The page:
In mid-March, COVID-19 showed up in Idaho’s Blaine County and wreaked havoc. The coronavirus spread quickly through the area’s idyllic towns, resulting in one of the nation’s highest infection rates.
The public health wildfire prompted a shelter-in-place order from Gov. Brad Little. Now, months removed from the outbreak’s peak, the area is still feeling the effects. With in-person gatherings still limited, postponed or canceled, the need for social bonding has soared.
“We recognize that COVID-19 caused limitations in human connection and created concerns around physical health, economic stability and mental health,” said Erin Pfaeffle, St. Luke’s Wood River director of community engagement.
Over the past three years, Pfaeffle and a group of community partners with the 5B Suicide Prevention Alliance have provided dozens of presentations on the “Five Signs of Emotional Suffering” and the “Healthy Habits of Emotional Wellbeing,” resources from the national suicide prevention initiative, the Campaign to Change Direction.
The 5B team has presented its adaptive “Know the Five Signs/Healthy Habits” presentation to more than 2,000 people in the Wood River area, including every local middle school and high school student in the last two years.
Now, without access to gatherings and groups of people, the organization has had to alter course, recording its presentation and seeking out people and organizations interested in virtual education.
“We wanted to create better access for people and organizations who want to know more about not only knowing how to recognize the signs of emotional distress in themselves and others, but also on how to build healthy habits, especially at a time when building healthy habits is really critical to our wellbeing,” said Pfaeffle, a licensed master social worker.
The five signs that can be indicators of emotional distress and potential suicidal ideation include personality change, agitation, withdrawal, poor self-care and hopelessness. The recording is about 45 minutes and includes links to additional resources.
“Listening to the ‘Know the Five Signs/Healthy Habits’ presentation is one of the ways we think will create common language and create an awareness in our community that it’s OK to reach out and ask for help, and that mental health is just as important as our physical health,” Pfaeffle said.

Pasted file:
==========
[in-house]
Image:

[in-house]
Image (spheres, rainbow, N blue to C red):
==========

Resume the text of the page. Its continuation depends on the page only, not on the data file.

In 2017, two deaths by suicide in a short period time in the rural area took a toll. One community member simply could not stand by, rallying local organizations and bringing in an internationally renowned suicide prevention speaker to talk to the community.
That dedicated effort resulted in the launch of the 5B Suicide Prevention Alliance.
“This started by one person saying, ‘I want to make a difference. This isn’t good for our community. We have to stand up and make a change,’” Pfaeffle said.
The alliance now features a variety of engaged community organizations, including the Blaine County Sheriff’s Office, Blaine County School District, private schools, National Alliance on Mental Illness, The Crisis Hotline, The Advocates, Blaine County Chaplaincy, The Senior Connection, The Hunger Coalition and more.
In Blaine County, Pfaeffle noted the strain of COVID-19 on families, the medical facilities, local schools, and the economy has been immense. Yet, she remains positive.
“What has come from this is a very clear picture that Blaine County is an incredibly special place to live; that people care for each other; that we wear masks because we care for each other; that neighbors help neighbors; that our social service and philanthropic, nonprofit organizations have done phenomenal work to continue to serve people in need; that we have all become creative and thoughtful in how we have maintained our human connections; and that this community is incredibly resilient.”
For more information, please visit 5balliance.org.
If you or someone you know is considering suicide, please call or text the Idaho Suicide Prevention Hotline at 1-208-398-4357 or visit idahosuicideprevention.org.
Daniel Mediate works in the St. Luke’s Community Engagement department.